Cricket Could Learn from Baseball When It Comes to Fielding Stats

Cricket and baseball fans are often fond of pointing out the many interesting differences and similarities between the games. A sensible discussion in this regard would avoid facile suggestions that one game is superior to the other and concentrate on figuring how the two manage to exercise such a hold on their loyal and devoted fans.

An oft noted similarity is that both sports’ fans are obsessed with statistics. Scorecards, batting averages, bowling strike rates, aggregates for seasons, series, record scores, statistical oddities, and all of the rest are centerstage for many a cricket fan’s obsessive take on the game. Childhood stories about spending weekends curled up with statistics almanacs are common, as are perennial hunts for statistical indices capable of capturing subtle nuances of players performances (to enable further argument!)

In that regard, the suggestion by many cricket fans that its statistics learn from baseball is an interesting one, especially since it regards fielding. Cricket has a large number of statistics for batsmen and bowlers but very few sensible ones for fielders. Sure, you can get a handle on the number of catches taken by a fielder but how many did he drop over the course of his career? We don’t know. Does the fielder generally drop catches in the outfield but not close in? We don’t know. How many runs did a fielder save in a game? Over his career? Who is the most valuable fielder of all? The list goes on and on. For a game like cricket, this is a staggering anomaly.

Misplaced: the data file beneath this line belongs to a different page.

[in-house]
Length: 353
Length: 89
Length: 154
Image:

The problem is that many of these statistics are simply not collected or scored for fielders. And thus there is no sensible way to compare fielders other than at some superficial level like noting some aggregate statistic like catches taken. From that point onward it turns to a subjective assessment of their respective skills.

Batsmen’s strike rates were once not collected; now they are an integral part of the game. Cricket’s attitudes towards its fielding statistics needs rethinking, especially since fielding, in every sensible cricket fan’s mind, has changed dramatically, and for the better, in the course of the last twenty years. I urge Faster Times readers to search YouTube for great cricket catches. The athleticism and skills on display are staggering; a little quantification to keep us fans chattering away for years would be nice.

Samir lives in Brooklyn and teaches Computer Science and Philosophy at the City University of New York; his academic interests include the philosophical foundations of artificial intelligence and the more


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